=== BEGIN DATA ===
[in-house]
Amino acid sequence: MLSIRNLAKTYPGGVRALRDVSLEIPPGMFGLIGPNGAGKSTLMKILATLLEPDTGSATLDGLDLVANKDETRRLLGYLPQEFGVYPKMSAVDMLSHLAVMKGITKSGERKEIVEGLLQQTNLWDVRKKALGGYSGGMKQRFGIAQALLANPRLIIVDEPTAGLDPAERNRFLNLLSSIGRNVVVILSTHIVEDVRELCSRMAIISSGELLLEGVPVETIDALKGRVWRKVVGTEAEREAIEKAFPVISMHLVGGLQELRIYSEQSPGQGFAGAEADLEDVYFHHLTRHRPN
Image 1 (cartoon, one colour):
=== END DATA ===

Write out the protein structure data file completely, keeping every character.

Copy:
[in-house]
Amino acid sequence: MLSIRNLAKTYPGGVRALRDVSLEIPPGMFGLIGPNGAGKSTLMKILATLLEPDTGSATLDGLDLVANKDETRRLLGYLPQEFGVYPKMSAVDMLSHLAVMKGITKSGERKEIVEGLLQQTNLWDVRKKALGGYSGGMKQRFGIAQALLANPRLIIVDEPTAGLDPAERNRFLNLLSSIGRNVVVILSTHIVEDVRELCSRMAIISSGELLLEGVPVETIDALKGRVWRKVVGTEAEREAIEKAFPVISMHLVGGLQELRIYSEQSPGQGFAGAEADLEDVYFHHLTRHRPN
Image 1 (cartoon, one colour):